Serine/threonine-protein kinase A-Raf or simply A-Raf is an enzyme that in humans is encoded by the ARAF gene. A-Raf is a member of the Raf kinase family of serine/threonine-specific protein kinases.
Compared to the other members of this family (Raf-1 and B-Raf), very little is known about A-Raf. It seems to share many of the properties of the other isoforms, but its biological functions are not as thoroughly researched. All three Raf proteins are involved in the MAPK signaling pathway.
There are several ways A-Raf is different from the other Raf kinases. A-Raf is the only steroid hormone-regulated Raf isoform. In addition, the A-Raf protein has amino acid substitutions in a negatively charged region upstream of the kinase domain (N-region). This could be responsible for its low basal activity.
Like Raf-1 and B-Raf, A-Raf activates MEK proteins which causes the activation of ERK and ultimately leads to cell cycle progression and cell proliferation. All three Raf proteins are located in the cytosol in their inactive state when bound to 14-3-3. In the presence of active Ras, they translocate to the plasma membrane. Among the Ras kinase family, A-Raf has the lowest kinase activity towards MEK proteins in the Raf kinase family. Thus, it is possible that A-Raf has other functions outside of the MAPK pathway or that It helps the other Raf kinases activate the MAPK pathway. In addition to phosphorylating MEK, A-Raf also inhibits MST2, a tumor suppressor and proapoptotic kinase not found in the MAPK pathway. By inhibiting MST2, A-Raf can prevent apoptosis from occurring. However, this inhibition is only possible when the splice factor heterogenous nuclear ribonucleoprotein H (hnRNP H) maintains the expression of a full-length A-Raf protein. Interestingly enough, tumorous cells often overexpress hnRNP H. When hnRNP H is downregulated, the A-RAF gene is alternatively spliced. This prevents the expression of full-length A-Raf protein. Thus, overexpression of hnRNP H in tumor cells leads to full-length expression of A-Raf which then inhibits apoptosis, allowing cancerous cells that should be destroyed to stay alive.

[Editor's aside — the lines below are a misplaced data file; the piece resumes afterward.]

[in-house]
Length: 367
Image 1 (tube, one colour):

A-Raf also binds to pyruvate kinase M2 (PKM2), again outside the MAPK pathway. PKM2 is an isozyme of pyruvate kinase that is responsible for the Warburg effect in cancer cells. A-Raf upregulates the activity of PKM2 by promoting a conformational change in PKM2. This causes PKM2 to transition from its low-activity dimeric form to a highly active tetrameric form. In cancer cells, the ratio between dimeric and tetrameric forms of PKM2 determines what happens to glucose carbons. If PKM2 is in the dimeric form, glucose is channeled into synthetic processes such as nucleic acid, amino acid, or phospholipid synthesis. If A-Raf is present, PKM2 is more likely to be in the tetrameric form. This causes more glucose carbons to be converted to pyruvate and lactate, producing energy for the cell. Thus, A-Raf can be linked to energy metabolism regulation and cell transformation, both of which are very important in tumorigenesis.
In addition, researchers have proposed a model of how A-Raf is linked to endocytosis. Upstream of A-Raf, receptor tyrosine kinases (RTKs) are activated, leading to RAS-mediated activation of Raf kinases, including A-Raf. Once activated, A-Raf binds to membranes rich in Phosphatidylinositol 4,5-bisphosphate (PtdIns (4,5)P2 and signals endosomes. This leads to activation of ARF6, a central regulator of endocytic trafficking.